By the early 19th century, the guitar had evolved from a shallow lute-like instrument with five pairs of strings to something more closely resembling the guitars of today, with a long neck and circular sound hole in the middle, and with a deeper body providing greater resonance of sound. Early guitars produced a sound more like that of a violin.

Carulli died in Paris in February 1841, eight days after his 71st birthday.

The Conservatorio di Musica San Pietro a Majella in Naples was established during Napoleonic rule of the city
The Conservatorio di Musica San Pietro a Majella in Naples
was established during Napoleonic rule of the city
Travel tip:

The famous Conservatorio di Musica San Pietro a Majella in Naples evolved from four institutions set up in the 16th century with the prime purpose of providing a refuge for orphan children.  The name ‘conservatorio’ relates to this original purpose, which was to conserve the lives of the children.  The oldest was the orphanage of Santa Maria di Loreto, situated in the poor fisherman’s district of the city. These institutions aimed to provide tuition in various skills, including music.  In time they acquired such a good reputation for providing a musical education that they began to be seen as music colleges primarily, and Naples eventually became one of the most important centres for musical training in Europe, nicknamed the “conservatory of Europe". Under the rule of Joachim Murat, the French cavalry leader Napoleon installed as King of Naples for a short period in the early 19th century, the original four conservatories were consolidated into a single institution, which was relocated in 1826 to the premises of the ex-monastery, San Pietro a Maiella.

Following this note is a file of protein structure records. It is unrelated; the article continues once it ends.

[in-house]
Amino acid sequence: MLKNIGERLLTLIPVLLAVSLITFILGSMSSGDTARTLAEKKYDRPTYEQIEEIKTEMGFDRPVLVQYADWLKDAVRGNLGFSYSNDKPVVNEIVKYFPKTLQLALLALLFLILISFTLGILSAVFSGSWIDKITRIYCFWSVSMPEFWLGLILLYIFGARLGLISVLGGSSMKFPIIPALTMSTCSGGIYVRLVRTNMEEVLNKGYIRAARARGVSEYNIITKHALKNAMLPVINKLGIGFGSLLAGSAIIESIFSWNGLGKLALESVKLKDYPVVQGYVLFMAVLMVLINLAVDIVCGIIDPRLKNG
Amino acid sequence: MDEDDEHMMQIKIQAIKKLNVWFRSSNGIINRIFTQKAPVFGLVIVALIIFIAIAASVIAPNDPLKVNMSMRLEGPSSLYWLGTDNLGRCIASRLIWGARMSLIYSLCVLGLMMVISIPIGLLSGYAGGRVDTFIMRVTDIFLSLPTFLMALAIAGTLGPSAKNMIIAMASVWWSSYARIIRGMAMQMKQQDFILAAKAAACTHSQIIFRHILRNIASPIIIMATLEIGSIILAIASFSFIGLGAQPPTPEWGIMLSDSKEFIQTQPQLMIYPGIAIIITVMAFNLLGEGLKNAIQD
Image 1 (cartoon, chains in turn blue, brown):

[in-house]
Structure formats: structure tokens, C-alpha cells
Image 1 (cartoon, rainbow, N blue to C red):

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The Teatro di San Carlo in Naples  adjoins the Royal Palace
The Teatro di San Carlo in Naples
adjoins the Royal Palace
Travel tip:

The most famous musical venue in Naples is the Teatro di San Carlo opera house in Via San Carlo, directly adjoining the Royal Palace. It is the oldest continuously active venue for public opera in the world, having opened in 1737, decades before both the Milan's Teatro alla Scala (La Scala) and Venice's Teatro La Fenice.  It is less known that there is smaller theater inside the Royal Palace, often used by the Neapolitan ballet company. Among the resident composers and musical directors in the 19th century, as the venue’s prestige grew, were Gioachino Rossini and Gaetano Donizetti.  One name readily associated with San Carlo is the great tenor, Enrico Caruso, although the Naples-born star in fact did not appear there after 1901, having taken umbrage at being booed by a section of the crowd during a performance of Donizetti’s L’elisir d’amore.

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More reading:

Antonio Janigro - the cellist who found accidental fame in Yugoslavia

How Luigi Boccherini popularised cello music in the 18th century

How Domenico Sarro's opera was given historic status as the first to be played at Teatro San Carlo

Also on this day:

1621: Alessandro Ludovisi becomes Pope Gregory XV

1953: The birth of boxing world champion Vito Antuofermo

1953: The birth of tragic missionary Ezechiele Ramin

(Picture credits: Conservatorio by Armando Mancini; Teatro di San Carlo by Radomil)